In our last blog post, Suzanne and Casper begin scouting out furniture for the new engineering building at Ashesi. Shop number one was (maybe) located but didn’t have what we needed.
Shop number two was listed as in a certain shopping center. It was closer in to central Accra. We found it, a large colonial-era complex with shops around a large indoor walk space and huge steps up to the second floor; think Gone with the Wind but substitute grimness and uneven, concrete steps. The shop was upstairs. We walked in and found a helpful salesperson and a large, varied selection of office and other furniture. Almost immediately I spotted it: the holy grail I pined for but thought I would never find in Ghana, a high-quality rolling chair whose seat folds up so you can roll a whole bunch together compactly when you need to put them away. I sat in one like it at Franklin W. Olin College of Engineering at two different workshops over the last two years, and I was enamored. I had spec’d theirs, made in America and priced at $600 each (ouch). This one was made in Canada, she couldn’t give us a price just then but would email us a quote and options available (e.g. fabrics, arms or not).
The Olin-esque chair
I was feeling pretty happy with myself for having spotted that one, but knowing it may well be out of our price range we kept looking. We found a few other stackable options, but none perfect: one with chrome legs (rust an issue), one kind of flimsy-looking although it seemed sturdy (I think that one was from Italy, but looked a lot like the molded plastic chairs we had in public elementary and high school in the US), one we thought would scape noisily across the floor. But some possibilities, both were confortable. We thanked the saleswoman and went on our way, feeling somewhat successful.
Two other chairs
Shop number three was difficult to find. The location was in the same neighborhood, a bit of backtracking to where shop number one was (or should have been) but near the cathedral. We used our algorithm, got to the cathedral and past it, no shop. So our driver Peter called, they picked the phone (yay!) and gave another landmark, and said if we got to such-and-such other landmark, call again. We did, and called again, and apparently we went well past it (why they gave us a landmark well past it in sort of the wrong direction is, well, curious). Peter called again, got yet another direction and landmark, we drove that way, still no sign of it. Frustrated, Peter handed the phone to me to try again – maybe the obruni will have more luck. We did, she seemed much more interested in navigating us there with me on the phone, and 4 minutes later we pulled up to the shop on a quiet side-side-side street and right next to a Presbyterian Church. We NEVER would have found it without the step-by-step navigation, and why she didn’t mention the Presbyterian Church in the first two tries is also curious, it’s almost as if the receptionist was being purposefully difficult, not a winning marketing strategy if you ask me.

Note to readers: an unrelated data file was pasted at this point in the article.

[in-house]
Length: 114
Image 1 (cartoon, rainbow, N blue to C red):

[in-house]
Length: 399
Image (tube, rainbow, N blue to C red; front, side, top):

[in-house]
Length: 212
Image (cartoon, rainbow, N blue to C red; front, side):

New Engineering Building gathering space
Shop number three’s building was a nice, modern, dedicated office furniture shop, not nearly as crammed as the last shop but also with a plentiful, varied selection. We were again met with a very helpful saleswoman as we entered, we told her what we were looking for and she took us around to the 5 or so possible chairs on two floors. One of the first ones we saw we really liked, but once again, chrome legs. Oh, I think that one has an option of (hard, rubberized) plastic legs, says helpful saleslady, but it has a mesh back and no arms. No arms is actually fine for the classroom setup, she shows me the photo in the book and I see the price, too, in our price range! Hooray! Do you happen to have any in stock, I ask. She heads off to check, and is back in less than a minute saying they have 140 in their warehouse, which is exactly the number I want. Wow. We ask her if we can have a sample, and to reserve the 140 for us, and it’s arranged: she’ll send us an invoice via email, she’ll have one sent from the warehouse and Peter can pick it up Monday, and she’ll hold the rest for us for a few days to decide. We leave feeling very successful.